They crawl out of the corporate data havens, burrowing deep into the lexicon, twisting words into wetware rags.  “Apartheid,” “genocide” – hot data pulses for a fleeting moment, then decay into hollow shells, sucked dry by the leeches of justification. The feed’s saturated with their noise, a constant low-rez drone. Bureaucratic pronouncements dripping with legalese, a bloodless simulacrum of outrage. “Apartheid” becomes a social glitch, “genocide” a system error on some cosmic mainframe. Victims reduced to data points, screams lost in the white noise of permission.

But the stench lingers, a miasma of fear and blood seeping through the cracks in their sterile pronouncements. Architects of permission, playing a shell game with suffering. “This qualifies,” they croak, human lives footnotes in their bloodstained ledgers.

They play a shell game with suffering, these architects of permission. A bureaucratic shrug, a flick of the wrist, and human lives become footnotes in their bloodstained ledgers. Lines blur in the crimson haze. “Apartheid,” “genocide” – words dissolve on the fetid tongue of oppression. It’s a power trip, a monstrous carnival of suffering, where despair is the greasy concession stand fare. They dole out permission for outrage, ration empathy like discount coupons in a world gone mad.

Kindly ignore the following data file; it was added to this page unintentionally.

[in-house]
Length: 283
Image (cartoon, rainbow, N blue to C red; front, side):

Just dry, dusty lines in a textbook waiting to be rewritten. They build cages of semantics, steel bars of legalese, where screams are muffled by pronouncements. A macabre ballet on the bones of the innocent, dissecting atrocities with sanitized language while blood runs hot. Apartheid? A filing error. Genocide? A glitch in the algorithm.

Their eyes, like dead fish behind mirrored visors, see the world in a binary code – suffering neatly categorized into ones and zeros. But the human heart bleeds in a messy, analogue mess, a riot of emotions they can’t filter, can’t control. So they twist language into a weapon, pointed at the victims, a denial of the reality they’re trying to define. Words writhe like code on a corrupted screen, the truth a data leak they can’t contain.

A macabre minuet, the powerful pirouette on misery’s mountain. But the music changes. A drumbeat of resistance. Words reclaimed, cages shattered, the true cost of permission structures laid bare. The gears grind, the machine churns. Power defines, then uses those definitions as shields. A monstrous game on a bone chessboard, pawns manipulated by strings of definition.

But in the margins, words are dissected, rearranged, their true meaning revealed. Apartheid, a suffocating control web. Genocide, the cold eradication of a people. The virus exposed, its lies laid bare. The fight is for language’s soul, man. Can we reclaim the power to define? Tear down permission structures, expose the raw truth? The cut you gotta make yourself.